There's little be said about my soccer team but I'm saying it anyway. To start with, despite religiously attending five training days a week, we haven't been in any competitive league for more than a year now. This has made many of our talented members move on to more "serious" outfits. When professionals emigrate to greener pastures, we call it brain drain; but soccer should be talking about "leg drain".
The few friendly matches we have played against ragtag opposition have dangerously exposed our lack of exposure. Team chemistry is severely lacking. This means our formation disintegrates five minutes into the match as some of our more adventurous players pursue the ball to the ends of the earth, venturing far beyond the prescribed limits of their position. But all is not lost. We have registered few heavy losses (7-0 once), many narrow losses, some draws, and one narrow win which I celebrated on Twitter all day.
Gone are the days when boys dared not bring their girlfriends to training for fear of unwelcome attention from other players. It was severe. Even average-looking to attractive female strangers passing by were subjected to all sorts of catcalls, brash demands for their cell numbers and shouted lewdness. I got embarrassed to be associated with my team during these wild displays of uncouth conduct. But boys will be boys. Nowadays, however, the guys have transformed into austere gentlemen, if not suave womanizers. A competition appears to have emerged as to who will bring the prettiest girlfriend to sit on the sidelines (the grass), presumably to watch two hours of other people playing soccer. But most of them bring out their internet surfboards and zone out while the respective boyfriend labors valiantly on the pitch to impress. It is like dancing for the blind.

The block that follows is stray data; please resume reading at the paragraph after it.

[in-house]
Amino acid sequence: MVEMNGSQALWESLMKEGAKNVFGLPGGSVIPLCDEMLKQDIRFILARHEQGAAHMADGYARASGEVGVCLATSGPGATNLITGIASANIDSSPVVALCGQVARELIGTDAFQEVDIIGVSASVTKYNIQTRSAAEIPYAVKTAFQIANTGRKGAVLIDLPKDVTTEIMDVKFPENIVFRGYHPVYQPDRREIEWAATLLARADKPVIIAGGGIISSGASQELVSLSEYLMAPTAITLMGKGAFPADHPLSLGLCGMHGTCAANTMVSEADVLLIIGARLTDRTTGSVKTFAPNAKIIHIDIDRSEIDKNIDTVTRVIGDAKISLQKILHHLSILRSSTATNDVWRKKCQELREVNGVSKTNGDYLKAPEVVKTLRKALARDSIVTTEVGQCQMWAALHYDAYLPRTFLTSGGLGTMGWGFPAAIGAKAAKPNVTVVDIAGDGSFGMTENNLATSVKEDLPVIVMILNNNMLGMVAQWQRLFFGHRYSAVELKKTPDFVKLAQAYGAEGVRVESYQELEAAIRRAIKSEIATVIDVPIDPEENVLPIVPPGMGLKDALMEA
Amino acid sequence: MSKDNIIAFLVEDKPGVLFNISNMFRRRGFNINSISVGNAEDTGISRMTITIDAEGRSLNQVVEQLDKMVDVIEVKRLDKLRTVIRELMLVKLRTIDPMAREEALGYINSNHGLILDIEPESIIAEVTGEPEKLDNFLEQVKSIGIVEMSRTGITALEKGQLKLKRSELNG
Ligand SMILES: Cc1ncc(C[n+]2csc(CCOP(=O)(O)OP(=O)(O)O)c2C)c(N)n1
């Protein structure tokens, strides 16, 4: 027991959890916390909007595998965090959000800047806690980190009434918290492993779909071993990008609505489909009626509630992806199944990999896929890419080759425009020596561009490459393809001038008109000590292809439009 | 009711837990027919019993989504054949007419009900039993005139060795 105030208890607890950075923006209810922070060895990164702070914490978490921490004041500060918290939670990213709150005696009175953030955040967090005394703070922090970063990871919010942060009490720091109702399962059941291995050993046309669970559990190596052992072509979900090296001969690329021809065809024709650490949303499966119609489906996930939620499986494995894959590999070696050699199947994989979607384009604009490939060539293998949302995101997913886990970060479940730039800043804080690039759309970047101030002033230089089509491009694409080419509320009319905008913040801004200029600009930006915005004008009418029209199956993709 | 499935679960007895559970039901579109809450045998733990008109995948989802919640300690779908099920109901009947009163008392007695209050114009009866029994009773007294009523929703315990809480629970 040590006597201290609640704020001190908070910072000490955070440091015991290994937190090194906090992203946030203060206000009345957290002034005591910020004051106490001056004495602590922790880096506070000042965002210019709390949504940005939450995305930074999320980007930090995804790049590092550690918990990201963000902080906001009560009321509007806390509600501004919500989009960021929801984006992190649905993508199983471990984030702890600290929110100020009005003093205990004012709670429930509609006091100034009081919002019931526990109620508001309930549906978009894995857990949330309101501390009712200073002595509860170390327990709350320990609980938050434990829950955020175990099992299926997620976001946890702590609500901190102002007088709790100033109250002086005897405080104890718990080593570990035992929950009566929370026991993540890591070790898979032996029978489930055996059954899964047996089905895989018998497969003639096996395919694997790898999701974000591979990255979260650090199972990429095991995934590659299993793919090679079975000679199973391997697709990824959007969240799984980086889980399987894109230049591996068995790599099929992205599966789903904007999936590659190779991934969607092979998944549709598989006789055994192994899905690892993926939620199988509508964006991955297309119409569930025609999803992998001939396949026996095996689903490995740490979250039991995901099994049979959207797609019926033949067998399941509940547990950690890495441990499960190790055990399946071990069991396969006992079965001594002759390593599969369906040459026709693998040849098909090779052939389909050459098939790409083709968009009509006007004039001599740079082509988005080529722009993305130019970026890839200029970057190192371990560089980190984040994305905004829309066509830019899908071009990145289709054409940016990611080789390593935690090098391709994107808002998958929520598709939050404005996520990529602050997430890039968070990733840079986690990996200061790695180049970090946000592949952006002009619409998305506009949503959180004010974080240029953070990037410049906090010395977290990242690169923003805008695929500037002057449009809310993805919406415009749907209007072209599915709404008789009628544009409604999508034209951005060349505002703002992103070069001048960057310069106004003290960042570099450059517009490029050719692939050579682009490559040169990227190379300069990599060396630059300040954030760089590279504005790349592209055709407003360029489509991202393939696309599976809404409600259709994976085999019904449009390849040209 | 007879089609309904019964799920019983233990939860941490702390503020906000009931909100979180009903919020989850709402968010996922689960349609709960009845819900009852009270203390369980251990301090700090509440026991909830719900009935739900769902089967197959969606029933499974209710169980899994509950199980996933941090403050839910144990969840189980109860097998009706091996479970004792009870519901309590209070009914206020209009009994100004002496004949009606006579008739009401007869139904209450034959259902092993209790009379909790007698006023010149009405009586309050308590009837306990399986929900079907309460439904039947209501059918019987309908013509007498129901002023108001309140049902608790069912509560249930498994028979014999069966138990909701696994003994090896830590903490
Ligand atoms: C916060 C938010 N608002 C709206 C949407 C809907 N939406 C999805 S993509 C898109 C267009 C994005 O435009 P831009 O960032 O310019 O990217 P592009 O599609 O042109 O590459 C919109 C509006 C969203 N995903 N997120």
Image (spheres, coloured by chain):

I try to maintain focus. I go there to play soccer.
I've always wondered why I love soccer so much despite its obvious pointlessness, and the answer came to me albeit rather painfully. One of my high speed dashes down the right wing was cut short by a ruthless defender's leg, I tripped on it, fell hard and bled at both knees. However, thanks to adrenalin, I continued playing for thirty minutes after that injury until training ended. I even walked home uneventfully. But as the adrenalin finally subsided in my body, the pain set in, and I became as an old man debilitated by gout: sore, stiff and awkward. A friend of mine who met me limping on the homeward stretch walked up to me and said I was walking like one freshly circumcised.
Point is: I love soccer because of the adrenalin, and I didn't even know it until the adrenalin ran dry.